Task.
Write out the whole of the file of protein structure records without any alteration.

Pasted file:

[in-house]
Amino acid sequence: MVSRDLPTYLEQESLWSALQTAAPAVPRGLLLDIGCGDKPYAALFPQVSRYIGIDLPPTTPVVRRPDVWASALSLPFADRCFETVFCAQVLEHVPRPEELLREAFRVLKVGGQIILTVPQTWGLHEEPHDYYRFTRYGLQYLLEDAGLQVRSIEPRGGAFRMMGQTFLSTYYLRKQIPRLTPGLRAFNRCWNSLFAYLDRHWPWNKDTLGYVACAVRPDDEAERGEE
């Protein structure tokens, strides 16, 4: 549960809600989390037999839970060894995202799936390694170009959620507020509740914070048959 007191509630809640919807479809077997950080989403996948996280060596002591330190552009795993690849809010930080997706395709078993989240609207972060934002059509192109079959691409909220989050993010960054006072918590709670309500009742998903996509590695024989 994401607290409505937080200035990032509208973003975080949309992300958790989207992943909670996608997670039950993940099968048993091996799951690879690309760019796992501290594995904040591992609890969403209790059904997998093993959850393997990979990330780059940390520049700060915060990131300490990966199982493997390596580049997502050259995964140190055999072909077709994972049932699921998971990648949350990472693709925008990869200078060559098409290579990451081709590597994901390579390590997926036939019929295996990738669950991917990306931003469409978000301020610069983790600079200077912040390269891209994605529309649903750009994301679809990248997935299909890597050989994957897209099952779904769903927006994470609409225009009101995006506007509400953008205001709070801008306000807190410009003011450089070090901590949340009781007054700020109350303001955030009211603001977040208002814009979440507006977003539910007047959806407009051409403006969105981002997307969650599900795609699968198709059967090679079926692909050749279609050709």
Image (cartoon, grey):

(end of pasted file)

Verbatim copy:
[in-house]
Amino acid sequence: MVSRDLPTYLEQESLWSALQTAAPAVPRGLLLDIGCGDKPYAALFPQVSRYIGIDLPPTTPVVRRPDVWASALSLPFADRCFETVFCAQVLEHVPRPEELLREAFRVLKVGGQIILTVPQTWGLHEEPHDYYRFTRYGLQYLLEDAGLQVRSIEPRGGAFRMMGQTFLSTYYLRKQIPRLTPGLRAFNRCWNSLFAYLDRHWPWNKDTLGYVACAVRPDDEAERGEE
């Protein structure tokens, strides 16, 4: 549960809600989390037999839970060894995202799936390694170009959620507020509740914070048959 007191509630809640919807479809077997950080989403996948996280060596002591330190552009795993690849809010930080997706395709078993989240609207972060934002059509192109079959691409909220989050993010960054006072918590709670309500009742998903996509590695024989 994401607290409505937080200035990032509208973003975080949309992300958790989207992943909670996608997670039950993940099968048993091996799951690879690309760019796992501290594995904040591992609890969403209790059904997998093993959850393997990979990330780059940390520049700060915060990131300490990966199982493997390596580049997502050259995964140190055999072909077709994972049932699921998971990648949350990472693709925008990869200078060559098409290579990451081709590597994901390579390590997926036939019929295996990738669950991917990306931003469409978000301020610069983790600079200077912040390269891209994605529309649903750009994301679809990248997935299909890597050989994957897209099952779904769903927006994470609409225009009101995006506007509400953008205001709070801008306000807190410009003011450089070090901590949340009781007054700020109350303001955030009211603001977040208002814009979440507006977003539910007047959806407009051409403006969105981002997307969650599900795609699968198709059967090679079926692909050749279609050709």
Image (cartoon, grey):